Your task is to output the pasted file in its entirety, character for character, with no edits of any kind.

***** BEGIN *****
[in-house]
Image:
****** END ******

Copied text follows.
[in-house]
Image: